This is a follow-up from my post about how the undergraduate psychology course is taught. This time we’ll be talking about we are assessed. I’ll be talking about essays, lab reports, group presentations and exams. Again I’ll try to provide a personal perspective from someone who didn’t take psychology at A Level. Let’s get into it.
Many of the assignments at university are essays, so even if at the moment they’re not your thing, I’m sure one day you’ll learn to love them (or at least begrudgingly accept them). Even for essay-writing veterans, the style and format of academic writing at university will be new. To that end I would actually recommend buying and reading some books on academic writing and critical thinking in the summer before joining university. Even though we are provided with guidelines and examples, you might still feel a bit clueless writing your first assignment. The books will help with that. On the other hand, the university definitely doesn’t expect you to do any summer prep so it’s definitely not essential.
As I stated previously, essay questions are left open-ended. Everyone will have different answers and you may even use different research papers. Once you’ve chosen the direction to go in the next step is to do some reading of said research papers. The standard of writing in these papers is extremely high, so it can be challenging. To get a feel for what they are like, just open up Google Scholar and search for something you’re interested in. After you’ve done enough reading it’s time to get down to writing. If you want to be a bit more prepared, information on critical thinking, academic essay writing and APA referencing will be helpful for your first assignment. I will end this section on the rather depressing note that if you are not used to essay writing, expect several low to average grades in your first semester. Even if you are used to writing essays, the different style may throw you off. Either way, as long as you listen to the feedback given to you and work hard, the good grades will come.
I highly doubt anyone will have written a lab report before coming to university. Lab reports are a way of conveying research. In the first year, we do not conduct any experiments per se, but rather we are participants in an experiment conducted by one of your lecturers during a lecture. The results are then given to us to analyse and discuss. Analysing results and statistics actually forms a very small part of your lab report even though it’s something a lot of prospective students worry about. As long as you attend the PC labs it should be very easy. More emphasis is put onto the discussion, which is where essay skills come in handy. There are books out there that guide you through writing a lab report, but if you don’t think it’s worth it that’s completely OK - everyone is a bit clueless for the first one.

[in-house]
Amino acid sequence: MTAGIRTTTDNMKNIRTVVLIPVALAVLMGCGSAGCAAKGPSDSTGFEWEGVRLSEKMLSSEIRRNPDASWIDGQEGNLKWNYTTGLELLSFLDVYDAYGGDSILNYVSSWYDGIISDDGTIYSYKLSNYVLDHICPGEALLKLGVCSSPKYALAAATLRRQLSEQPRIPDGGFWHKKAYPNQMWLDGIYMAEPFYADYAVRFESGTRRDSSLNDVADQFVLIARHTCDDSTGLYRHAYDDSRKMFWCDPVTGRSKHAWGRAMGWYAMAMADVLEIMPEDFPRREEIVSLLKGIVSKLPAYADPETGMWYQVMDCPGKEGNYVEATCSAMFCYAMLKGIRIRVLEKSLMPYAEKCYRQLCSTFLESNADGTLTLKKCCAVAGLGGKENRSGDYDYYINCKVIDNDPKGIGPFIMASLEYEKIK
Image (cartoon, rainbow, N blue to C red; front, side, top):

Yes. Unfortunately, this is a thing. The good news is that you only ever present to a small audience. The bad news is that, well, you have to present. It’s an understandably scary experience for some people. The lecturers and tutors will be as supportive as they can, but keep in mind these presentations form part of your degree so you can’t exactly wriggle out of them. However, coming from someone who is usually quite quiet and used to be extremely shy, I would say that they’re not that as bad as feared!
Ewww exams. It’s been over three years since I’ve not had yearly exams. I’ve forgotten how it feels to enjoy the sunny weather of April and May without the looming thought that I should be revising. Even worse, this year at university I couldn’t even enjoy December because of the thought of January exams. Do you know how hard it is to stuff your face with turkey when you’ve not done any work all day? (Actually, it’s pretty easy.) Okay, so I’m being a bit melodramatic here. Whether you’re reading this before or after your final exams at secondary school, you should know that they will probably be the most challenging exams you’ll have for a few years. During the first year at university, you will have less than a handful of exams. I only had one exam in January, and will only have one this summer. Please note that this only counts for the psychology course. Most other subjects had four or five January exams and presumably the same amount in the summer. Hooray for psychology!
I think that covers it all for assessments. I’ve avoided going into specific details of our assignments because they do change over time but I hope I’ve given a broad overview of what is expected of us as first year psychologists. I would like to end this two part post by saying that I’ve thoroughly enjoyed the psychology course so far, and unlike my A Levels where I was just learning for the sake of passing the exams, I’m finding the content at university interesting and directly relevant to the real world. And finally, if you have any questions, please drop a comment!